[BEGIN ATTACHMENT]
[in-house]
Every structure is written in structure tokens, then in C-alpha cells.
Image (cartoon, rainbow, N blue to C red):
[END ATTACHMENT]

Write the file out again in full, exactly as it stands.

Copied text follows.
[in-house]
Every structure is written in structure tokens, then in C-alpha cells.
Image (cartoon, rainbow, N blue to C red):